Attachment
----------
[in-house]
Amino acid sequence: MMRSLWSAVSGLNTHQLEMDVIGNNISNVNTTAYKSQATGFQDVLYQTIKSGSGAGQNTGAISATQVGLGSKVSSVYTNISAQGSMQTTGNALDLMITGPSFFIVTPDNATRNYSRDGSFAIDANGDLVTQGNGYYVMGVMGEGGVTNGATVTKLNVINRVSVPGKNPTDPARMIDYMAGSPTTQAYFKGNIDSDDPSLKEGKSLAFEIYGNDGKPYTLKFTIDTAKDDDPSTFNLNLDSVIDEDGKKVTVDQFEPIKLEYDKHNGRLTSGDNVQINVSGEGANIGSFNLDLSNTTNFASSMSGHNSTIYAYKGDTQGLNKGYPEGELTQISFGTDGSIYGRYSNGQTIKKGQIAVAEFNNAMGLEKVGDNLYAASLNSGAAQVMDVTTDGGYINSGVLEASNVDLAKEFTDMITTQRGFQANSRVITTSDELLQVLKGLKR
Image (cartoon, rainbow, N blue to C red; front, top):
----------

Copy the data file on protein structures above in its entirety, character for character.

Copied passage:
[in-house]
Amino acid sequence: MMRSLWSAVSGLNTHQLEMDVIGNNISNVNTTAYKSQATGFQDVLYQTIKSGSGAGQNTGAISATQVGLGSKVSSVYTNISAQGSMQTTGNALDLMITGPSFFIVTPDNATRNYSRDGSFAIDANGDLVTQGNGYYVMGVMGEGGVTNGATVTKLNVINRVSVPGKNPTDPARMIDYMAGSPTTQAYFKGNIDSDDPSLKEGKSLAFEIYGNDGKPYTLKFTIDTAKDDDPSTFNLNLDSVIDEDGKKVTVDQFEPIKLEYDKHNGRLTSGDNVQINVSGEGANIGSFNLDLSNTTNFASSMSGHNSTIYAYKGDTQGLNKGYPEGELTQISFGTDGSIYGRYSNGQTIKKGQIAVAEFNNAMGLEKVGDNLYAASLNSGAAQVMDVTTDGGYINSGVLEASNVDLAKEFTDMITTQRGFQANSRVITTSDELLQVLKGLKR
Image (cartoon, rainbow, N blue to C red; front, top):